This is a huge field, put simply it means you grow plants together to achieve a desired result.You may want your plants to grow more strongly, a classic example of this is growing tomatoes and basil together. To deter harmful insects you can plant tagetes-African marigolds.
In some countries where resources like water are few, people plant different types of vegies together to support each other. Corn and beans is a good example, the beans climb the corn, return nitrogen to the soil, both benefit. I've personally done this, not only did it look good, the results were very positive.
Over time we can explore more ideas for planting. Meanwhile think about th classic, roses and garlic, the roses benefit, and you get yo eat the garlic.
Remember companion plants act as deterrents, they don't kill kill harmful predators.
Have alot of seedlings or rooted cuttings, but not enough pots? Easy, you can make your own, plant them with your rootlings, and they break down. You can buy moulds or make your own using bottles, tins or any cylindrical object that fits the size you need. Follow the directions, you may need some practise, save money and reduce your plastic use.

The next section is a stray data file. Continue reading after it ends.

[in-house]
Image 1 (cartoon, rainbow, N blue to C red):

Choose moulds of different sizes in order to make a range of pots suitable for all your seed sowing and plant raising activities.
Cut strips of newspaper wide enough to fold halfway across the mould base, and roll the paper round to make 4-6 layers per pot.
Wrap tightly to create firm pots, then start folding the paper over the base so there is no gap for any compost to fall through.
Wooden kits have a crimping block that helps create a crease to hold paper rigid, or just push the base firmly onto a flat surface.
Carefully slide the paper pot from the mould. Stand pots in a seed tray, ready for sowing.
Rest the pots in trays of damp compost. This ensures the paper always remains moist, allowing roots to grow through the sides. Make sure the pots are moist before planting, this aids the breaking down process.